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Some Findings on Surface Mining And Environmental Sustainability

| Open Pit Mines | Surface Mines | Mining Drones | Tailings Storage Facility | Environment | Sustainability | Climate Change | Low Impact Mining | EV Mining Equipment

Climate change is a “hot topic” in the 21st century … literally. Rising temperatures and sea levels, melting ice caps, and the loss of species are things many of us are concerned about. 

climate change

And from an industrial perspective, the extreme weather events (which will certainly increase in frequency), are going to have a significant impact on mining operations; storms may affect the stability and the effectiveness of your equipment, they can limit transportation routes, and cause costly delays to your projects. The cost of water and energy will, no doubt, go up, as will the chances of on-site personnel suffering from heat- or cold-related illnesses or accidents. But, of course, this won’t matter if you can't even get a license to operate in the first place, if mining becomes too unsustainable to permit in your area. 

We've done a little research and wanted to share some of our findings on the topic of mining and sustainability. 

Lower-Impact Mining Techniques 

In our last post, we looked at the ways in which digital innovation is changing the way we do things in the mining industry. The great news is that, not only does it improve the efficacy of operations, increase profit margins, and reduce the risk of injury to staff on-site, it can also make your mine more sustainable. 

The SLIM (Sustainable Low Impact Mining) project, which has received funding from the European Union’s Horizon 2020 Research and Innovation Program, has developed low-cost, low-impact solutions to environmental concerns, including modeling programs that predict the fallout from mining blasts, and a new range of explosives that has been designed to minimize rock damage and radiating vibrations.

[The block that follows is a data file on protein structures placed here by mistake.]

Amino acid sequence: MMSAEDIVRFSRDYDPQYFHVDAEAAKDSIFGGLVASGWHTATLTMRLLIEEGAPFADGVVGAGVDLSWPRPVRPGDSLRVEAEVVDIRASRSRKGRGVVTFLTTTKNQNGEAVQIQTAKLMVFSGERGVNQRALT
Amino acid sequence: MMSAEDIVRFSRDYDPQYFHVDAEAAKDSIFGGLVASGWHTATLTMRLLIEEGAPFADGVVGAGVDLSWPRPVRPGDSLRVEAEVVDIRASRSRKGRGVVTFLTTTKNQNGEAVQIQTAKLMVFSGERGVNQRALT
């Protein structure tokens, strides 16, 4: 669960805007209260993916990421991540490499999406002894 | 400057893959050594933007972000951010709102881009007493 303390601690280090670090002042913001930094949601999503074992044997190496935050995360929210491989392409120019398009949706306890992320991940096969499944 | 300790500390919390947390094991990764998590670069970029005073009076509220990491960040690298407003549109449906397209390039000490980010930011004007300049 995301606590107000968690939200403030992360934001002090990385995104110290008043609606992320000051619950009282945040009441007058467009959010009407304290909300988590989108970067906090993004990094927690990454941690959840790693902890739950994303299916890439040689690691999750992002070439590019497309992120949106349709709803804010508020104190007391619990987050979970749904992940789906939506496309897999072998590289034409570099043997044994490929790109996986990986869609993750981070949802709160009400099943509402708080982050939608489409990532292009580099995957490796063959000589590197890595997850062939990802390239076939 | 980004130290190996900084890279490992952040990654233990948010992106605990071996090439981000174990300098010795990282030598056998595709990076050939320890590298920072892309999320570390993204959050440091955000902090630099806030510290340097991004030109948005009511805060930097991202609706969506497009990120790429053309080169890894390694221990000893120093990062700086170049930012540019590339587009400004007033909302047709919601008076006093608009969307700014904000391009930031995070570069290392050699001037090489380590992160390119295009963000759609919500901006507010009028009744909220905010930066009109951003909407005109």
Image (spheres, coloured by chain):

Reducing the amount of surface damage limits the production of waste and means that the site can be rehabilitated after the mine is closed. 

Reuse of Mining Waste

Surface mining can produce significant amounts of waste. Topsoil and rocks must be removed to gain access to the minerals below, but what is done with them afterward? Often, they are just discarded. But it doesn’t always have to be this way. If the tailings are made up of the right minerals, they might be used for other purposes (ex: brick production), and they are especially useful to the agroforestry industry. 

In fact, almost all mining by-products can be reused one way or another. However, the biggest challenge facing miners' desire to recycle or reuse mine waste is an economic one. This overview entitled "Recycling, Reuse and Rehabilitation of Mine Waste" posted in the scientific journal Elements: An International Magazine of Mineralogy, Geochemistry, and Petrology discusses this dilemma and calls for more research on solutions.

Despite this, to make their operations greener, some companies are taking the difficult task themselves of re-evaluating the output of their mines and to see if waste can be diverted for more sustainable purposes. 

Investing in Eco-Friendly Equipment

Many mines are switching from diesel to electrically operated machinery to reduce their carbon footprint exponentially. Even hybrid options, where they are available (e.g., transport), helps keep the carbon emissions down. 

etruck mines

If a company-wide shift in this direction is not currently economically viable, there are other, less expensive steps companies are taking that will nevertheless make a big difference to their carbon footprint in the long run. While having the most up-to-date machinery is preferable, from both an operational and an environmental perspective, refitting their existing vehicles, for example, with sturdier tires that will last longer driving over even the rockiest terrain, will reduce the amount of rubber used while mining a particular site.

One customer went as far as using drone surveys to ensure the paths their trucks were driving on were free of pot holes which unnecessarily beat up their equipment. Through more simple, ongoing identification and remediation of problem areas, there was less wear and tear, and they were able to extend the life of the equipment and its parts.

It may seem like a small change to make but all small changes add up!    

These are just a few examples that we found for mines taking a step in the right direction toward a more sustainable future. We'd love to hear more about what your mine is doing to make a more positive impact on the environment.

Skycatch fully supports efforts to make sustainable mining practices more effective and feasible. Be sure to ask us about our tailings dam high accuracy 3D modeling and monitoring capabilities. To find out more, please get in touch via our contact form today.